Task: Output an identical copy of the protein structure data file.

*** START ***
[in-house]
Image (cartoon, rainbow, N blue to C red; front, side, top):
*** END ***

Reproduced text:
[in-house]
Image (cartoon, rainbow, N blue to C red; front, side, top):